|The Tamimi boy from Nabi Saleh with his arm in a plaster caste, being|
energetic and mobile in a screen-capture taken just moments before
he was photographed headlocked by an IDF soldier.
The source is this video clip.
This Ongoing War..
01 September '15..
The events about which we wrote here on Sunday ["29-Aug-15: Revisiting a Palestinian Arab village and its monsters"] have triggered starkly contrasting reactions.
In one corner are those who see the villagers of Nabi Saleh as peace-loving, non-violent nobility, battling to preserve dignity and fields.
In the other, those who are left dumbfounded by the brazen manipulation of women and girls, naked child-abuse, and contrived exploitation of public opinion via the villagers' use of calculated provocations, staged clashes and strategically-placed photographers. Without the presence of those camera men, none of the drama would be happening.
Even if this were not the hamlet that spawned, encouraged, celebrated and then idolized the woman who planted a bomb (a human bomb) in a Jerusalem pizzeria in order to kill as many Jewish children as possible, and succeeded, we would surely have been in that first corner.
Same boy, different circumstances some minutes later
We explained our rationale in a March 2013 post ["A little village in the hills, and the monsters it spawns"]. We wrote it in response to a cover story in the New York Times Magazine whose distortions, tendentiousness and adoration of murderous violence literally sickened us. We expressed our criticism in a letter to the editors at the New York Times who ignored us. We then found our own way to show our disgust; you can read about that here. We remain appalled and infuriated by some of the journalism we see them practice there.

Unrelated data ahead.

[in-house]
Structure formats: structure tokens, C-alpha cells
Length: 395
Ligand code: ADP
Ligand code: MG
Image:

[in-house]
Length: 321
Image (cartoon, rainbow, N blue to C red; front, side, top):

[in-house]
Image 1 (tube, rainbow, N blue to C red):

Those who see only giants and heroes in that hateful little Palestinian Arab town probably share the view, typical of its kind, that asserts
the village is struggling for humanity, justice, peace and dignity, and... they need their freedom [via a far-left Israeli publication, yesterday]
But there are Arabic-language sources that tell us with far greater candor and clarity what really drives Nabi Saleh's Tamimis. Those Arabic texts naturally were never intended to be seen by people like us and those who read our posts. But web tools make them easy to find.
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